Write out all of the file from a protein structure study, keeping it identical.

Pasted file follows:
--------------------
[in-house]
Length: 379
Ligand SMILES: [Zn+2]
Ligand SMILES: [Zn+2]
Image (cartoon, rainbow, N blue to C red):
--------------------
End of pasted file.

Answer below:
[in-house]
Length: 379
Ligand SMILES: [Zn+2]
Ligand SMILES: [Zn+2]
Image (cartoon, rainbow, N blue to C red):